The perceived delay by the President to assent to the law regulating genetic engineering is causing anxiety among some sections of the scientific community with some now doubting whether the president actually received the bill while others doubting the government’s commitment to implementing it’s own agenda especially on agricultural transformation.
Still, despite the dwindling hope that the government is ready to embrace science and evidence-based policies, there are voices, even actions of resilience among the scientific community to move forward towards the release of products of genetic improvement.
In November 2018, Parliament passed a revised bill that most scientists described as a bad law whose spirit, they say was to frustrate innovations and adoption of GMO technology and went counter to the original objectives of the legislation- which was to promote the safe development of genetically engineered crops. This was In response to the president’s view to have a system that would safeguard indigenous crop and animal species.
The constitution gives the president up to 30 days to assent to a bill to become law.
But ever since Parliament passed the amended instrument, there is fear that the bill might not have reached the president’s table or perhaps if it reached, it might have been smuggled away by the mafia to frustrate the realisation of fruits arising from years of development of GMOs.
“We have no evidence that the president actually received the bill,” said Arthur Makara, the Commissioner for science outreach and communication in the Ministry of Science Technology and Innovations (STI).
Efforts by The Sunrise to establish the status of the bill from the relevant bodies ie State House and Parliament hit a dead end. The President’s spokesperson Don Wanyama told this reporter that he was unaware of the status of the bill as he was in the field by the the time of the call. And the Director of Communication at Parliament Chris Obore’s phone was off by the time of the call.
Despite the prevailing atmosphere of uncertainty, some prominent scientists are voicing readiness to move ahead with the bad law, in order to safeguard the many achievements Uganda has recorded in a rapidly evolving global economic and research environment.
Dr. Theresa Ssengooba, a member of the board of the Uganda National Council for Science and Technology (UNCST) and one of the foremost breeders in the country, argues that there is consensus among Ugandan scientists that they should move ahead with the development of GMOs.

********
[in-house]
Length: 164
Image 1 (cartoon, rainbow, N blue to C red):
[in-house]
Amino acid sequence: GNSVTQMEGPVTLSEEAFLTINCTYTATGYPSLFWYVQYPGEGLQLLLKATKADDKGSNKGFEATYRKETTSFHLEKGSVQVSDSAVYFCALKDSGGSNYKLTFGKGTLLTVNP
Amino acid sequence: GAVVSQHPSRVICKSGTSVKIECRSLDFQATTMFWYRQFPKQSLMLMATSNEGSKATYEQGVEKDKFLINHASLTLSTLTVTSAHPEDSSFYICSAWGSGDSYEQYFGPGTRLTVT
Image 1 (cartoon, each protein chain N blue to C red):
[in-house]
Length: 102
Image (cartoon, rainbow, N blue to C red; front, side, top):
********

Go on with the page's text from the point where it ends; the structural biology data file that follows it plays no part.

“We are determined to move forward with the research. We believe that people’s mindset will gradually change in favour after realising the benefits of the technology,” She added.
“Scientists think that we can continue with research and have products that will change the mindset of the people because whether you like it or not, GMOs will be good for this country.”
Ssengooba made the comments while speaking to a group of science journalists in Kampala this week. Her comments came after a presentation by Akille Sunday Igu, the Legal and Policy Programme Officer of the African Biosafety Network of Expertise (ABNE), a scientific body of Experts established the African Union Commission.
Akille, argued that Parliament introduced restrictive provisions of Strict Liability provisions against Patent holders of the technology as a deterrence for them to develop and propagate the technology despite evidence that its application heralds numerous benefits for millions of poor farmers and the Ugandan economy.
He argued however that the Strict Liability provisions go against the African Union vision 2063 dubbed as The Africa We Want that seeks to increase agricultural productivity using science.
“Provisions like these will be repulsive for developers of technology that would have helped to create jobs and raise the incomes of poor people,” said Akille.
The direction of Uganda’s regulatory environment is going against the wind of change across the continent that is aimed at removing the restrictive laws in order to encourage research.
Ethiopia, Tanzania, Eswatini, formally known as Swaziland have all relaxed their laws and are moving rapidly towards commercialisation of Genetically Modified crops.
The recent attacks by the Fall Army Worm that destroys maize as well as frequent droughts, and the need to revive the cotton industry in most of the those countries has triggered the mindset change.
As Dr. Ssengooba observed; “Countries that had introduced strict liability provisions, research comes to a dead end because no scientist wants to be held accountable for crimes that may be committed by others.”